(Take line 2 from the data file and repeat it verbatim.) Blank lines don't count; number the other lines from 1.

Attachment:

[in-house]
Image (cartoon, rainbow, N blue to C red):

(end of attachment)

Image (cartoon, rainbow, N blue to C red):